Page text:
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The nearby Thorn Forest habitat of Posada de los Raqueros provided me with countless hours of wonderful birding. Many life birds or birds new to my Mexico list were encountered during these bird walks. Amongst my favorites included a Collared Forest-Falcon, two Yellow-headed Parrots (a scarce bird!), Pale-billed Woodpecker (pictured here), several Golden Vireos, and a lovely male Spot-breasted Oriole. But there were many, many other birds than “life-birds” to provide viewing satisfaction to this hard-core birder. White-throated Magpie-Jays (pictured here) were abundant and a bit vocal at times. A few times I had nice looks at the quite large, long-tailed, bright rufous colored Squirrel Cuckoo (pictured here). Several times I encountered Blue Buntings like this beautiful male. Although most viewings were of the all cinnamon-brown female. One of the most colorful birds, and actually quite common in the area, were the Orange-breasted Bunting (pictured here). They would even occasionally visit the grounds of Posada de los Raqueros.

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The Waggoner’s also spent a magical six days at the Brouwer’s Zihuatanejo condo unit tucked on the hillside overlooking Playa la Ropa and the lovely bay and city to the north. As with our stay at  Posada de los Raqueros, this birder was in a dream spot to satisfy the obsession. The spacious patio provided not only the great view but also bird-watching from the comforts of a chair. The intact surrounding hillside Thorn Forest vegetation (see picture) meant birds still had the habitat to be very close by. Just before dawn on one morning the barking-like hoots of a Mottled Owl was heard and most early mornings provided the repetitious toots of a Ferruginous Pygmy-Owl (see picture). Birds were especially fond of trees and vegetation near the pool and things like Citreoline Trogan, Social Flycatcher, Rufous-backed Thrush, Painted Bunting and Streaked-backed Oriole were common visitors. Hummingbirds were also in the area and frequented a lower unit patio with a hummingbird feeder. Hey, how about placing one at your unit, Hans! Large Cinnamon Hummingbirds (see picture) and the beautiful Doubleday’s Hummingbird (see picture) were common. The skies above the condo also provided soaring Magnificent Frigatebirds, Turkey Vultures and Black Vultures, but also White-collared Swifts, the occasional Short-tailed Hawk or Zone-tailed Hawk and a few things like overhead Roseate Spoonbills and Wood Storks.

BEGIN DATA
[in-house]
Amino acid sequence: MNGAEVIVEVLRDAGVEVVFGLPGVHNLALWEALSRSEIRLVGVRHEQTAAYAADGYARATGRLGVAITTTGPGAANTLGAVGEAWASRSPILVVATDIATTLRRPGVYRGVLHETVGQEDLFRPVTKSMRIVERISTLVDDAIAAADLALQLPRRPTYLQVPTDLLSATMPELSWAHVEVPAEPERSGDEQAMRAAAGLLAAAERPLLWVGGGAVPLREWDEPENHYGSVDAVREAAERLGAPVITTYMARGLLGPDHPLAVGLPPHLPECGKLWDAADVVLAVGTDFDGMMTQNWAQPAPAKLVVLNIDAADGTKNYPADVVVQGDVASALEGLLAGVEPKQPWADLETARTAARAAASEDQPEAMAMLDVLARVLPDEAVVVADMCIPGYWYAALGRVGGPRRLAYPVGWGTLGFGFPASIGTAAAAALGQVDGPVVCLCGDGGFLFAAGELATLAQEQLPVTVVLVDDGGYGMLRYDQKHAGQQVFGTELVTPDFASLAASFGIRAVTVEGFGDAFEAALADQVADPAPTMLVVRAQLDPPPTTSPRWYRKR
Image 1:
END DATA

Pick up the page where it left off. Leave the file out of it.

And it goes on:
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To the east of the Zihua Condo, a nicely paved road provided several great mornings of bird exploring. Perhaps this gated road will provide future housing, but for now, it gave me, along with morning walkers a place to wonder away from the traffic and up into the surrounding hillside. Several new life birds were encountered on these walks including Common Pauraque, Russet-crowned Motmot (see picture), Greenish Elaenia, Flammulated Flycatcher, Masked Tityra, Orange-billed Nightengale-Thrush, Red-breasted Chat and Black-vented Oriole. Also such interesting things such as this Common Pauraque and Colima Pygmy-Owl were satisfying finds on these walks. With snow and cold currently gripping the Puget Sound Basin here in Washington state, I’m wishing I was still amongst the birds in the warm sunshine of Zihuatanejo.

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Useful Link: Audobon Society of Mexico